With increasing consumer familiarity and growing ease of use, mobile applications for financial services companies could become the new “killer application” for telecommunications.Read More
Tag: Bank of America
The Postal Regulatory Commission may rule in August on the dispute between Capital One Services Inc. and the US Postal Service, regarding the issu¬ance of a contract between the USPS and the mailer that would provide customized pricing incentives.
Capital One filed a complaint about the negotiated service agreement (NSA) with the PRC on June 19, alleging that the Postal Service “unduly discrimi¬nated” against the company because it was denied a NSA under the same terms as one granted to its competitor, Bank of America Corp.
Terms of the Bank of America NSA, which went into effect April 1, required multiple operational commitments from the company, including implementing the Intelligent Mail barcode and other auto¬mated sorting tools, as well as waiving the physical return of certain First Class Mail and Standard Mail pieces.
The USPS claims that Capital One’s proposed NSA was not identical to that of Bank of America, and that Capital One had not exhausted all good faith negotiations for an NSA before filing the complaint.
A Capital One spokesman declined to comment beyond the company’s com¬plaint filing, which states that the company was denied a NSA that was “functionally equivalent” to that of Bank of America.
Capital One further alleges that the NSA between Bank of America and the USPS used thresholds for mailing dis¬counts based on industry rates from 1998, rather than current NSA baselines.
The USPS has approved a total of nine NSAs, with one extension, since the opportunity began in 2002. Capital One received the first NSA, which was approved, in May 2003. The agreement granted the bank a discount rate on mail volume above an annual total of 1.225 billion pieces for a three-year term. The USPS receives between 50 and 100 requests for NSAs each year, according to a USPS spokesman.
Many large financial services firms are experimenting with a blend of direct mail and e-mail marketing to communicate with their current customers and merchandise their new products and services. In contrast, many smaller financial services have turned to e-mail to attract new customers with acquisition offers.
According to Mintel Comperemedia, a competitive intelligence service in Chicago that analyzes direct mail, e-mail marketing and print media, several smaller companies are emerging as more frequently tracked entities in the e-mail marketing arena.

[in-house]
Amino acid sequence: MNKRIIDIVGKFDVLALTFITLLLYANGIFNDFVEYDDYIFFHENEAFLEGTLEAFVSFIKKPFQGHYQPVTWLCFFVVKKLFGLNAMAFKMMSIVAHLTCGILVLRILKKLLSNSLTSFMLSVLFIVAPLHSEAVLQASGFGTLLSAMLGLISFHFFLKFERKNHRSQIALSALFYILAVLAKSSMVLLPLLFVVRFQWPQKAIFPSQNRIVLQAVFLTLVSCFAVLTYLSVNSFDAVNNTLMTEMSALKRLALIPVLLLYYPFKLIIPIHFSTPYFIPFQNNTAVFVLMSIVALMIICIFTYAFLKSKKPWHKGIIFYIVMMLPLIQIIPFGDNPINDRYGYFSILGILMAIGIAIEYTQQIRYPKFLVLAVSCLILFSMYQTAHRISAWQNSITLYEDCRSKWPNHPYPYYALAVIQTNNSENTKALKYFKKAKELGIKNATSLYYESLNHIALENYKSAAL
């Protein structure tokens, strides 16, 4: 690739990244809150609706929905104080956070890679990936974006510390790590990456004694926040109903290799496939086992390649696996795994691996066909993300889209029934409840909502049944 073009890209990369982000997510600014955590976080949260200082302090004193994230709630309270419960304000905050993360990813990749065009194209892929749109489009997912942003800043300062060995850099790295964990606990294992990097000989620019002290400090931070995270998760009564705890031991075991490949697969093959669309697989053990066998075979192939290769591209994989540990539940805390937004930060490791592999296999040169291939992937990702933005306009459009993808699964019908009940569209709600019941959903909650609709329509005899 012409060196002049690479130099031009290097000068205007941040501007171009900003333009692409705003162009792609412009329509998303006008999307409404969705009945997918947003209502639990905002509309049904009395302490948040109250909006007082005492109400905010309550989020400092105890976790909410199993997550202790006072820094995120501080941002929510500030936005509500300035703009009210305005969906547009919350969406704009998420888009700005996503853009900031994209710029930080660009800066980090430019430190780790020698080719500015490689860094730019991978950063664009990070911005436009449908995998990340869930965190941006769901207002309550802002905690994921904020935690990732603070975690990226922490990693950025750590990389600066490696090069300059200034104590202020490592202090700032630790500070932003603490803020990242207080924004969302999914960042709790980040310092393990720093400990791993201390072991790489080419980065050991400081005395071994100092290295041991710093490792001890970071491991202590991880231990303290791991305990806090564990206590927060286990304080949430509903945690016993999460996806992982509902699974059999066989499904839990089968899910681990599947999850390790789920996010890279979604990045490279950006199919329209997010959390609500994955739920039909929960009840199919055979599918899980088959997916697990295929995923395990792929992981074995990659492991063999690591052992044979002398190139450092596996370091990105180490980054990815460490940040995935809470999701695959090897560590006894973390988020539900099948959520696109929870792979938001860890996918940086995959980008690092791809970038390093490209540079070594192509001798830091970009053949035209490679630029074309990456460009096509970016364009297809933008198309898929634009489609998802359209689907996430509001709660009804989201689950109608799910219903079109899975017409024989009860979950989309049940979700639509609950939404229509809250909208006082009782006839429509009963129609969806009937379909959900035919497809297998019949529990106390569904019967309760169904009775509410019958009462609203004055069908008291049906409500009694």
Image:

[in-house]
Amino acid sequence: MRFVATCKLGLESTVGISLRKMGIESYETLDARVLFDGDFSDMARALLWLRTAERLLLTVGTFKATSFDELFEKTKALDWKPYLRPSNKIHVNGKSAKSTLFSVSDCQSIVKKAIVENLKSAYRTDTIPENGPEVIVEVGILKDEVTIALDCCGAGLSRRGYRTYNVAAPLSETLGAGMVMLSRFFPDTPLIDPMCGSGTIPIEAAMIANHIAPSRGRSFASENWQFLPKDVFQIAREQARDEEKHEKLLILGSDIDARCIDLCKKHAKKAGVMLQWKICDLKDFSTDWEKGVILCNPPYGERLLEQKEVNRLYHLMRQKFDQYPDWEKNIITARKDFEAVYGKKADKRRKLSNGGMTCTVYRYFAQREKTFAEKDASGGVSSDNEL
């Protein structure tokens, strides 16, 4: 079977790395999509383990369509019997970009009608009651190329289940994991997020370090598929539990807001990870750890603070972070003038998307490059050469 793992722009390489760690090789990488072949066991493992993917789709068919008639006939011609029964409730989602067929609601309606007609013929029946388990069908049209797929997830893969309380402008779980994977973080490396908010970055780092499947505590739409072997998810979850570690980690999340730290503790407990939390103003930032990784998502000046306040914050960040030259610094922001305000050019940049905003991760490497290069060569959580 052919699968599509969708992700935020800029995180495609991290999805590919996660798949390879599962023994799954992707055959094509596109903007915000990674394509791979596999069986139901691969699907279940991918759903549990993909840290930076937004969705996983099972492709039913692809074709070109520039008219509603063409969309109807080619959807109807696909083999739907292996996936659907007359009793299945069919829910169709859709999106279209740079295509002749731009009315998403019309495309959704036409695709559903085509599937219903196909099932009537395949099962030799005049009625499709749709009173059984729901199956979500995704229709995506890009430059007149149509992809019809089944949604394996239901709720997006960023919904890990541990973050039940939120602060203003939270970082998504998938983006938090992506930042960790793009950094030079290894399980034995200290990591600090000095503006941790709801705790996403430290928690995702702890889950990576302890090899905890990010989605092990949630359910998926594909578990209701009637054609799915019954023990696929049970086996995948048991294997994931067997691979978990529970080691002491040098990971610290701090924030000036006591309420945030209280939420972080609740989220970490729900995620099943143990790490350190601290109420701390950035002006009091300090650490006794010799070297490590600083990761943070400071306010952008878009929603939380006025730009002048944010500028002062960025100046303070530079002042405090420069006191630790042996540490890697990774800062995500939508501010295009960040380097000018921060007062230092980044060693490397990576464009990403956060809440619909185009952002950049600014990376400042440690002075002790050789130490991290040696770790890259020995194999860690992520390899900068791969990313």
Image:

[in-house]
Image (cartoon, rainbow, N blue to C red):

“E-mail marketing has been able to serve as a more affordable option for smaller, lesser-know companies that need to reach new consumers,” said Carmen Curran, analyst for Mintel Comperemedia, in a statement. “Major financial services companies continue to take advantage of e-mail as well, but they have stronger resources to market through direct mail and other key channels. They are also concentrating more on marketing to current customers through e-mail rather than acquiring new ones.”
Mintel Comperemedia said that as the e-mail sector evolves, companies such as Metabank in the banking sector and First Premier Bank in the credit card sector have been identified as key players, flooding consumer mailboxes with acquisition offers and promotions. However, on the direct mail front, these companies are distributing a significantly lower share of offers than their larger competitors.
As reported March 13 on DMNews.com [http://www.dmnews.com/cms/dm-news/direct-mail/40362.html] in the direct mail category, the top 2006 overall mailers for acquisition financial services direct mail pieces were Chase (1.7 billion), Capital One (1.2 billion), American Express (1 billion), Citibank (980 million), and Bank of America (920 million). While many smaller companies turn acquisition efforts to e-mail marketing, larger companies are opting for e-mail marketing to cross-sell their products and communicate with their customers about their services.Read More
The U.S. Postal Service has filed a negotiated service agreement request for Bank of America with the Postal Regulatory Commission, the first NSA request based purely on cost savings rather than requiring a volume threshold for the incentives. NSAs are special service and rate arrangements between the USPS and a mailer or group of mailers. Proponents say NSAs encourage greater volume by rewarding postal customers with discounts and premium services.
“We intend for this NSA to produce cost savings for both the postal service and Bank of America,” said Mike Plunkett, USPS acting vice president for pricing and classification.
The Feb. 7 filing said this NSA aims to provide incentives that will encourage an individual mailer to engage in voluntary changes in mail preparation that will reduce the costs to the postal service of handling the mailer’s mail.
The NSA would encourage Bank of America, one of the world’s largest financial institutions, to undertake certain activities to reduce the cost to the USPS of processing its First Class and Standard mail, including mail that is entered into the mail stream by or on behalf of a Bank of America subsidiary or affiliate.Read More
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